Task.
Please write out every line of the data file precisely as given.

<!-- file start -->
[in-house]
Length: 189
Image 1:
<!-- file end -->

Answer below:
[in-house]
Length: 189
Image 1: